The plot thickens. The writer of the book of Esther certainly knew how to tell a story!
As we read through chapter 6, we begin to see how each of the characters will receive their just desserts. First, Xerxes discovers that faithful Mordecai saved his life all those years ago (the book of Esther probably takes place over a ten year period). Xerxes may have been a pompous, prideful King, but he certainly knew the importance of rewarding those who were loyal to him.
The King is looking for someone to help him decide how to honour Mordecai, and who should walk in but Haman, on a mission to get the King’s permission to impale Mordecai on a 75-foot pole.
From that moment on, we as readers can appreciate the delicious irony of Haman planning a reward which, in his pride, he can only assume is meant for himself. How immensely crushing for Haman to then be the one who is forced to deliver this reward to his greatest enemy.
For a long time, Mordecai resisted giving honour to Haman. However, he did not strike against him. He knew the kind of man Haman was, but he chose to simply live in obedience to God and allow Haman to be the architect of his own downfall.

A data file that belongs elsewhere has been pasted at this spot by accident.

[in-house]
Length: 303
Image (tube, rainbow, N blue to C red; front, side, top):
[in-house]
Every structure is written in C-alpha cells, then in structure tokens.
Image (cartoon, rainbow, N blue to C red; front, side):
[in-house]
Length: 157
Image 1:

Mordecai did not need to risk putting himself in a place of unrighteousness because Haman’s true character could not help but reveal itself in the end. Jesus compared it to a tree producing fruit: “A good tree produces good fruit, and a bad tree produces bad fruit . . . Yes, just as you can identify a tree by its fruit, so you can identify people by their actions.” (Matt 7:17-20).
This is why God says, “It is mine to avenge; I will repay” (Deut 32:35). Vengeance belongs to the Lord. Our focus needs to be on making sure our own walk with the Lord is secure. If we seek him above all other things, he will take care of everything else.